During the hearing, witnesses expressed varying views on the issue of statehood. Pushback from conservative witnesses and those on the panel involved the constitutionality of making D.C. the 51st state. For Bowser and Mendelson, however, concerns about the Admissions Clause and 23rd Amendment didn’t negate what the mayor described as the legal and moral implications of the District’s current status.
“To continue to deny statehood to 702,000 residents is a failure by the members of this body to uphold their oath to office. The lack of statehood deprives the District of full representation and has practical and dire consequences,” Bowser said during her testimony on Sept. 19.
Bowser, Mendelson and DeWitt touted the District’s strong fiscal state, specifically its 60-day tax reserve, private sector growth and high potential of infrastructural stability during the workday when the City’s population doubles.
Bowser asked Republican lawmakers to focus, not on the drawbacks of having more Democratic congressional representation, but the lack thereof for District residents.
“Our men and women vote and are subjected to the draft but have no input on whether we go to war,” she said. “The Supreme Court and federal courts make judgments binding on us. We pay federal taxes but have no votes on how its appropriated. We are abused by Congress in ways that, if we were a state, would be unconstitutional.”
Staying Focused on a Strategy
Several public gatherings preceding and following last Thursday’s hearing aimed to galvanize support for statehood. On Tuesday, Kymone Freeman of We Act Radio unveiled a mural bearing the likeness of late radio personality Petey Greene, the late Mayor Marion Barry and Norton in Bundy’s Secret Garden, located behind We Act Radio and Check-It Enterprises on Martin Luther King, Jr. Avenue in Southeast.
Last week, dozens of U.S. flags bearing 51 stars, instead of 50, lined the streets of downtown D.C. Just hours after the hearing, Long Live Go-Go and 51 for 51 co-hosted the Million Moe March as well as another installment of Moechella featuring Backyard Band as the headline act. On Friday, Bowser unveiled an art project comprised of eight separate pieces of wood cut-outs shaped like the District’s wards – painted and strategically placed along participating District Main Street locations.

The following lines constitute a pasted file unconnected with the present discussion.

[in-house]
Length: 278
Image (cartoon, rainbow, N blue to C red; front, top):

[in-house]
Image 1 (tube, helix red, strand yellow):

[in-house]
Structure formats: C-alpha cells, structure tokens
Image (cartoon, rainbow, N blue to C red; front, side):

For D.C. native and statehood advocate Jamal Holtz, these activities counted as part of a long journey in not only making D.C. the 51st state but also laying to rest misconceptions about what such a designation would mean for the nation’s capital. Last summer, he travelled the country on behalf of the 51 for 51 campaign, rallying support for the legislative strategy that Republicans successfully employed during the most recent Supreme Court nomination battle.
“I was happy to hear Congress members [speaking in support of] statehood [at the hearing] but also disappointed to hear the rhetoric about Maryland and Virginia residents having a say in this since they ceded the land,” said Holtz, student body president at the University of Rochester.
“It’s not fair. We have to get focused on the strategy of breaking the filibuster rule. Mitch McConnell did it for the Supreme Court justice. We can do the same to give residents access to [full] democracy,” Holtz added.